As the first and the only alliance treaty South Korea signed with any country, the US-ROK alliance has been perceived by the South Koreans as more than a simple alliance. The participation of the US forces to fend off communist aggression and the humanitarian aids that followed embedded an extremely positive image of the US’s presence in the peninsula. The initial purpose of the alliance was defending South Korea from any future North Korean aggression. However, as the South Korean economy, along with its military spending completely eclipsed that of North Korea, the purpose of US presence according to the alliance’s precepts became questionable. Now the alliance remains as a deterrence for war or aggression with overwhelming strength of the US-ROK alliance against North Korea.

If a peace treaty is to be signed, as Xi allegedly proposed, the role of US’s presence as a deterrent may lose its legitimacy. North Korea would not pose threat to its neighbors anymore as the treaty, if it were to be signed, would involve North Korea’s nuclear renunciation. In fact, Trump had repeatedly accused South Korea to be free riding on security although it is completely capable of tending to its own needs considering its affluence. Therefore, without the will and legitimacy of US presence, the US military may indeed retreat in such a scenario.

Whether the South Koreans want the US to withdraw its forces, however, is another question. As previously mentioned, many South Koreans, especially the elderly who have lived through the ramifications of war, still see US presence as the last threshold against communism in the peninsula. The South Korean president would have to make serious considerations on such domestic sentiments before agreeing to withdraw US forces. The US on the other hand, according to Trump, seems to be lacking willingness to continue to station its forces the peninsula. He may lose further willingness in case of a peace treaty. Then ultimately, it will be the South Koreans who may be more desperate for US presence than US itself on the premise of US reluctance if a peace treaty were to be signed.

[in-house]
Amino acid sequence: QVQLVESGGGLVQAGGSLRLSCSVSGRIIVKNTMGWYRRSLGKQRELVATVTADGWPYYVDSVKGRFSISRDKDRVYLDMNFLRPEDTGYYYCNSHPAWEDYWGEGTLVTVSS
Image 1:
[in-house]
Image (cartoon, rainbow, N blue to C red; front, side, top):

Whether the peace treaty will be signed remains ambiguous, but considering Trump’s rhetoric since his tenure, some change in the US forces stationing in South Korea is expected regardless. On the other hand, Japan will likely to play its role as a logistic base not only for the peninsula, but for the rest of the world as a core axis of US military interests. In fact, no President of the US has ever mentioned of considering a complete withdrawal from Japan during their presidencies. The US may be confident to maintain the balance of power in East Asia without having its forces in the peninsula, but this cannot be said for the forces in Japan.